I’m eating a lot of food, aka. bulking

Content warning: This post contains some details about food, diet, and eating habits.

I am currently in a phase of bulking to gain muscle. Bulking involves eating more to gain weight and training harder to gain muscle mass. I started on 1 January and I’m planning to do this until the end of February.

Even though I have been lifting weights for quite some time, I’ve never bulked before. From the very beginning of my fitness journey, the goal was to get strong, get “shredded”, and lose body fat and stay lean. It was about being tiny and toned.

I soon found, as with most things, our goals and directions change, and what I began to chase was an exaggerated hourglass shape. Big legs – which I was already blessed with – and glutes – which I had to work on, and a wide back and broad shoulders, with a smaller waist.

After getting stronger in my lifts, and growing my glutes, my progress began to stall last year. It was a combination of a few different factors that left me rethinking what I wanted out of my workouts, and deciding to bulk.

I had done a ketogenic diet (high fat and high protein) for half of December and decided it was not for me. I did not find it sustainable or enjoyable. I wanted to eat nutritious non-ketogenic food, and stick with a diet I could stick to as a lifestyle, and long-term, not a diet for a short-term goal.

Bulking plan

I’m trying to trust the process. I wrote a bit of detail in a post about my fitness journey, but growing up, I had a bad relationship with food – disordered eating – starving myself, skipping meals, binge eating, avoiding certain foods, and being terrified of gaining weight. Bulking might be a trigger for someone who previously had these tendencies, but I haven’t found it that triggering yet.

So what was my plan? I have been impatient with my fitness journey so far, getting too worked up with numeric values, and obsessing over burning as many calories as possible, and forever trying to stay lean, but at the same time wanting to get bigger. What, Georgie, what? I was so engrossed in all of this that I didn’t have any solid direction.

I started the year by allowing myself to eat freely, with no restriction, but still making sure I eat food of nutritious value. My game plan was this:

  • increase my protein intake by having extra helpings of meat
  • supplement with an extra protein shake daily
  • eat an extra meal or nutritious snacks during the day
  • do all of the above incrementally to work my way up to eat more calories
  • don’t do cardio
  • focus on lifting heavier weight for less reps
  • assess how things are going every two weeks with a weigh-in, how I feel, how I am performing in the gym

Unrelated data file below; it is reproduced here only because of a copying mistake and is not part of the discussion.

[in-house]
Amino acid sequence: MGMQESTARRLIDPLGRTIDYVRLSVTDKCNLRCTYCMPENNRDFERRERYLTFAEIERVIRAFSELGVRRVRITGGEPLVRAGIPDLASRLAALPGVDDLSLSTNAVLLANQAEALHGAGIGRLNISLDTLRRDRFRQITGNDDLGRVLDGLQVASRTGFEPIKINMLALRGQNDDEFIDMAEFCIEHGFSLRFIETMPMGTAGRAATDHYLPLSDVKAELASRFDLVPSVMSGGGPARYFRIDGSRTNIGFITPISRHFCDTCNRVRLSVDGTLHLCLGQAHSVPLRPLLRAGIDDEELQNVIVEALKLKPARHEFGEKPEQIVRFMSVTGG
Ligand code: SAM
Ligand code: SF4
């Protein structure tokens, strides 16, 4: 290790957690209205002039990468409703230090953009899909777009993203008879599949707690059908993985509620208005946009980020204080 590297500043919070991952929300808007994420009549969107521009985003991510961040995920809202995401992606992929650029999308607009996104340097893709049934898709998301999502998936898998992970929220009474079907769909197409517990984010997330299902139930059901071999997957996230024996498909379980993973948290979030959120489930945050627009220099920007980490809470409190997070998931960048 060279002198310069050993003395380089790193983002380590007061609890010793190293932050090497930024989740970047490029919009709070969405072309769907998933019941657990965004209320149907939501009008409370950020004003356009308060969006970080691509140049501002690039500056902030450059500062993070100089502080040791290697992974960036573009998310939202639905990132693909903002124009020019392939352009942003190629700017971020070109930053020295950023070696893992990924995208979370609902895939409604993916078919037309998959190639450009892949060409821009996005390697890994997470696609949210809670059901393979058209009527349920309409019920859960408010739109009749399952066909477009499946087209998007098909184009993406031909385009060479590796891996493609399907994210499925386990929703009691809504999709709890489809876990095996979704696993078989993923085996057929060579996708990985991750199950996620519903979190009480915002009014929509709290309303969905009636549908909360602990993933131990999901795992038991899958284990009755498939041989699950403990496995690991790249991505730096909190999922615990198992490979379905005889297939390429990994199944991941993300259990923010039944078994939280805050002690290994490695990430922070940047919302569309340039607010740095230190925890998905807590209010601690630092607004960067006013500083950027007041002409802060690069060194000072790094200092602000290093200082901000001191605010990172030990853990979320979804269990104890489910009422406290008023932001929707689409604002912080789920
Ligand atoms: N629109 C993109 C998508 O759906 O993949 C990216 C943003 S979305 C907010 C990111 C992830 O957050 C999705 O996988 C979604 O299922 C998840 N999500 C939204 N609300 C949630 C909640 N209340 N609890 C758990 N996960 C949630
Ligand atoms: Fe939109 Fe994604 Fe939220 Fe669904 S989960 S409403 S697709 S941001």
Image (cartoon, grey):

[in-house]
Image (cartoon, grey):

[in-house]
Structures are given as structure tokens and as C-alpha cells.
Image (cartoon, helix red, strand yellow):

• stop at the end of February, assuming I am happy with my process, and do a mini cut/shred

Experience summary

On the second day of January, Nick and I went to Braza, a Brazilian barbecue restaurant, with an all-you-can-eat option. It was good preparation for me to see how much my stomach could hold at that point.

During the first week, I began eating carbohydrates again. I started eating oats with fruit every day, as I did before I went on keto. I went back to eating two breakfasts a day – something I hadn’t done for a while because I spent a lot of the second half of 2018 trying to eat less.

I started eating larger servings of protein at each meal. I let myself eat a lot of chocolate and sweets in the first and second weeks, really just finishing off a Christmas stash I had in my desk. I was frequently eating protein bars in the afternoon. I let myself have dessert when it was available at work, I didn’t restrict myself. I basically ate when I was hungry.

Because I was lifting heavier in the gym, and working hard, I think my appetite slowly increased. I toned down the dessert and chocolate about a week ago. I think it got less appealing because I focussed on eating larger servings of nutritious food for my main meals, so I didn’t feel the need to snack on sweets. Certain sweet and dessert cravings are actually caused by a lack of vitamins, which is why eating protein in the form of fish, beef, or other meat can actually be helpful to kick a sugar craving. Fruit is too!

The hardgainer problem

I have been convinced for some time that I am an ectomorph and a “hardgainer” – it’s hard for me to gain weight in the form of muscle or fat, and I eat very little.

I was about to turn that right around.

I have been monitoring my weight on my scale at home. When I started bulking my weight was about 51kg. After bulking, towards the end of the second week, I found that some days I would be as heavy as 53kg. But it would be at about 52.2kg the next day. I was convinced that my body was burning up what I’d eaten too quickly, which led me to start eating even more, making sure I added that protein shake in before going to bed, and making sure I ate a lot at dinner.

My progress so far had basically convinced me that, in years gone by, my muscle growth had stalled because I must not have been eating anywhere near as enough to support it. I was getting stronger in the gym and could see physical growth in my muscles, even though I had gained a little bit of weight. One of my coworkers even commented on how big my arms were starting to look.

My bodyweight dropping drastically overnight could have been water weight, but I wanted the benefit of the doubt, so I made the assumption that my body was burning up calories overnight and I would need to eat a bit more. I’m usually one to eat very little in the evenings, so I had to be very conscious of the fact that I wanted to eat more for dinner.

A bowl with sliced pickled cucumber, edamame, seaweed, raw salmon and radish
A poke bowl I had for brunch one day

Now, my thoughts on eating so much.

This is where it starts getting hard. People who are experienced bodybuilders have told me that it’s very hard to gain muscle, and even more so if you are a woman like me. This really suppressed any fear I had of gaining too much fat, and it helped me a little to decide to take the risk. For many, bulking is not seen as a risk. But as someone who used to have a terrible, terrible relationship with food, I began to worry how it might make me feel.

The past week I’ve really pushed it – I feel like I have been stuffing my face with food. But I seem to know when to stop. In the past when I tried to eat a lot, I would push too far and start to feel sick. I believe that my tolerance to eating a lot has become better, perhaps my stomach is more accustomed to having more food in it.

I also do get hungrier more often. Even though I push myself to eat more, and feel very full and like I can’t eat anymore, I feel fine. I feel comfortable. And I’ll be hungry again just two hours later. 🙄😂 I have been drinking a lot of water (obviously!) but I find that following a big meal, having about two glasses of water really, really helps everything settle and go down.